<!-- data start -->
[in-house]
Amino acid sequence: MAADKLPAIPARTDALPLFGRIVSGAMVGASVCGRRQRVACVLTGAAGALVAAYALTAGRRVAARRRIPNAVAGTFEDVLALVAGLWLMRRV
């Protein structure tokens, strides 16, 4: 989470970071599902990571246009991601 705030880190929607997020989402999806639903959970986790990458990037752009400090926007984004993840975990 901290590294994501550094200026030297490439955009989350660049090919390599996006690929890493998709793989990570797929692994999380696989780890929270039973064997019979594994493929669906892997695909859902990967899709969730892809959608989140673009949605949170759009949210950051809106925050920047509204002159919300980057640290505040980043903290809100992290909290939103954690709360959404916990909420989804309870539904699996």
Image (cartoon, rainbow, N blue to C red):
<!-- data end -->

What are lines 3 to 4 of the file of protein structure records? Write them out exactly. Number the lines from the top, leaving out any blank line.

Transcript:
């Protein structure tokens, strides 16, 4: 989470970071599902990571246009991601 705030880190929607997020989402999806639903959970986790990458990037752009400090926007984004993840975990 901290590294994501550094200026030297490439955009989350660049090919390599996006690929890493998709793989990570797929692994999380696989780890929270039973064997019979594994493929669906892997695909859902990967899709969730892809959608989140673009949605949170759009949210950051809106925050920047509204002159919300980057640290505040980043903290809100992290909290939103954690709360959404916990909420989804309870539904699996």
Image (cartoon, rainbow, N blue to C red):